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PIII Overclocking Problems, Solutions, & Results

by johnd - Feb. 10, 2000

with contributions by:
James Anderson, Clayton Brazil, Mark Hammond, Eduardo Chaves Rosas, Dylan Thomas, and Paul aka "Topshelf"

This article contains the results from overclocking 4 PIII 500Es and 2 PIII 550Es with 2 Celeron 300As thrown in the middle of it all. One of the PIII 500E CPUs discussed in this article was tested here at Hardware News Net. The others are the overclocking results of CPUs that some of our readers sent in to us in response to our " Overclocking 4 PIII 500Es" article. We discuss the problems that the users had in overclocking their systems and what they did to try and solve the problems. Thanks to everybody that has responded to the original article and shared their results.

CPU #3 Revisited

We originally had some problems getting CPU #3 to overclock past 675Mhz with any reliablity at all. While doing some testing with some video cards, we tried a Creative Labs Annihilator Pro with the CPU running on a Abit BF6 motherboard. Running Quake III timedemos with the system would occasionally give us some lockups and just didn't run as smooth as it should have with the Annihilator Pro. We had previsously overclocked the memory on the Annihilator Pro to 330Mhz on a Soyo motherboard with no problems. However, with this setup the system locked going into Quake III after setting the memory on the Annihilator Pro to 315Mhz. As suggested to us by James Anderson, we changed the SDRAM Leadoff to a setting of 4 to see if this would make a difference. Other readers suggested that there might be a voltage problem. I read where a reviewer of the Asus V6800 at SystemLogic had tweaked his AGP voltage up to 3.48v. This had cleared up some "picture anomalies" he had been experiencing with the card. After adjusting the BF6 to use a SDRAM Leadoff of 4 and setting the AGP voltage to 3.5v, we rebooted the system and tried our benchmarks again. The system still wouldn't overclock any higher with these new settings and still didn't run smooth while playing the Quake III demos, but we were able to get the Annihilator Pro up to 326Mhz on the memory.

Mark Hammond and others suggested trying older or newer versions of the BIOS. We had a recent version of the BIOS in BF6 board, but not the latest version that had just been released this month. So, we downloaded and flashed the BIOS with the latest available from Abit. After setting everything backup in the BIOS, a quick boot showed everything was OK. This time, instead of a Quake III timedemo that didn't run smooth, we got nothing but smooth. With the system now running smooth, we started adjusting the FSB. We moved the FSB to 144Mhz and attempted booting into Windows 98 at 720Mhz which this CPU motherboard combination had never done before. The system booted, ran Windows 98, and Quake III without stuttering one bit! So, the FSB was moved to 150Mhz for a 750Mhz boot, no problems. Again Windows 98 booted and Quake III ran. We then tweaked the FSB to 155Mhz and booted up. As soon as the Windows startup sound hit, the system locked.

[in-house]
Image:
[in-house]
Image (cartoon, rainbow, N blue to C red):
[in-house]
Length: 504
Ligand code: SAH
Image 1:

750Mhz was over 30Mhz beyond what we had ever booted the system to before. However, after about 30 minutes the system locked up. The highest clock speed with a stable system on this BF6 is now 725Mhz, 50Mhz beyond where it had run stable before the BIOS upgrade. On this BF6, the BIOS upgrade was definitely a boost to our overclocking with this CPU. We did notice one curiosity, the AGP default voltage now reads 3.5v instead of 3.3v. It could be that Abit has figured out that the BF6's AGP bus needs a little more voltage to run reliably. I would suspect that this update may help users of the BE6-II also with their search for increased stability and faster overclocks, since the BIOS update for the BF6 is also the same update for the BE6-II.

Solution #1

James Anderson sent in the suggestion to try tweaking the SDRAM Leadoff under the advanced chipset features. Here's the situation where it had helped him out.

James was able to get his 500E to run with a 140Mhz FSB by switching his 2 DIMMs around in various combinations until he got a stable system running at 700Mhz. He suspected that his ATI Xpert 2000 AGP card was holding him back from going any higher. He replaced it with a Matrox G400, but instead of being able to overclock any higher, he started getting "little pink dots on certain toolbar icons in Windows Explorer and Outlook Express. Thinking the G400 was bad, he exchanged it for another, but the problem remained. He then found someone on the forums at who had the same problem and eventually had posted a solution to the problem which was to change the SDRAM leadoff value. After changing it on his system, he no longer had any of the dots showing up, but he still couldn't overclock any higher. He decided to try his ATI card again. With the ATI card back in the system he was able to move the FSB to 150Mhz and run 3DMark 2000 without any problems. His scores from the G400 were "about 2 1/2 times better than the ATI card," so he put the G400 back in the system. Eventually, he replaced the G400 with a G400 Max. With the G400 Max installed in the system he was able to overclock the FSB up to 145Mhz, even going all the way to 152Mhz on the FSB as long as he didn't run any 3D apps.

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